6. Thanks Dave. I guess I'll do a Bfranx and post random concept images until I learn some 3D. Hopefully that'll at least annoy Synaesthesia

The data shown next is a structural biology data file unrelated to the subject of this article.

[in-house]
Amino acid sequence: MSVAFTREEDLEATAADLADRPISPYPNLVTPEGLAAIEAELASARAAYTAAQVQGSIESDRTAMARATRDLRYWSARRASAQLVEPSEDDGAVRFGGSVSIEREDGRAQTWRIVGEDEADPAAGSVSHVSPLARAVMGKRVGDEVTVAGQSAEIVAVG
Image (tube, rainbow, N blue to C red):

7. Oh yeah! I've heard about a lot of these and try my hand at many of them, and you were right to say it's a huge mix and requires a lot of learning. Even more programming to make it I'd imagine. I haven't played Valkyria Chronicles but I did see it when it came out. It seems that on the scale of FPS ---- RTS most hybrids are in the FPS zone. One I played was Iron Grip: Lords of War (which had a cool steampunk aesthetic), that game was a FPS tower defence. I think that sort of mix would be fairly common, as evidenced by the games you listed Dave. I remember Natural selection too, which again I was thinking of buying... It's a bit dubious to say that the games didn't get the reignition they deserve, while they may have had bad luck conspire against them; if there was a true niche they needed to fill they would still be going I think. It might be that there's just no market for this sort of game, and that we three here are the only ones who would play it! The city-building FP game I was thinking of above would be my ideal game and I would absolutely love it even if it was full of bugs and had placeholder graphics, but I can't speak for the population of video gamers as a total. This is sorta the reason for this thread. With enough willpower and willing people, we could make this game. The question is; is it worth looking into? Is there any need for it, or would it just be a waste of everyone's time.